New York Times’ brutal take on CA green jobs revisited

by Chris Reed | February 15, 2015 8:00 am

Green-kool-aid-manThe promises of Gov. Jerry Brown and predecessor Arnold Schwarzenegger that green jobs and the green economy would be the backbone of California’s economic comeback seem all but forgotten. Brown didn’t even mention all his 2010 promises in his successful re-election campaign last year.

Now, a decade after Schwarzenegger began his strong emphasis on green jobs, we have another powerful state leader on the bandwagon.

With Senate President Kevin de Leon, D-Los Angeles, declaring his determination[1] to bring a huge infusion of green jobs to California, it’s time to look at the most comprehensive assessment of green job claims in the Golden State.

It wasn’t from The Los Angeles Times or Sacramento Bee. It was from The New York Times in August 2011[2], and it’s fairly described as harshly dismissive of such claims.

In the Bay Area as in much of the country, the green economy is not proving to be the job-creation engine that many politicians envisioned. President Obama once pledged to create five million green jobs over 10 years. Gov. Jerry Brown promised 500,000 clean-technology jobs statewide by the end of the decade. But the results so far suggest such numbers are a pipe dream. …

A study released in July by the non-partisan Brookings Institution found clean-technology jobs accounted for just 2 percent of employment nationwide and only slightly more — 2.2 percent — in Silicon Valley. Rather than adding jobs, the study found, the sector actually lost 492 positions from 2003 to 2010 in the South Bay, where the unemployment rate in June was 10.5 percent.

Federal and state efforts to stimulate creation of green jobs have largely failed, government records show. Two years after it was awarded $186 million in federal stimulus money to weatherize drafty homes, California has spent only a little over half that sum and has so far created the equivalent of just 538 full-time jobs in the last quarter, according to the State Department of Community Services and Development.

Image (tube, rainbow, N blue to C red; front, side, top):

The weatherization program was initially delayed for seven months while the federal Department of Labor determined prevailing wage standards for the industry. Even after that issue was resolved, the program never really caught on.

Job-training programs for nonexistent jobs

The NYT also pointed out that when there are few green jobs, having ambitious green job training programs isn’t likely to turn out well:

Job training programs intended for the clean economy have also failed to generate big numbers. The Economic Development Department in California reports that $59 million in state, federal and private money dedicated to green jobs training and apprenticeship has led to only 719 job placements — the equivalent of an $82,000 subsidy for each one.

“The demand’s just not there to take this to scale,” said Fred Lucero, project manager at Richmond BUILD, which teaches students the basics of carpentry and electrical work in addition to specifically “green” trades like solar installation.

Richmond BUILD has found jobs for 159 of the 221 students who have entered its clean-energy program — but only 35 graduates are employed with solar and energy efficiency companies, with the balance doing more traditional building trades work.

When upbeat green job reports come out, they’re usually driven by ever-expanding definitions of what constitutes green jobs, as I noted recently[3] in the U-T San Diego newspaper:

Thrift-shop clerks, bus drivers, janitors at solar power plants, professors who teach about the environment, cashiers at bicycle-repair shops and trash collectors are all characterized as green jobs by the Obama administration.

This is a fact that rarely seems to appear in California newspapers.

  1. determination:
  2. August 2011:
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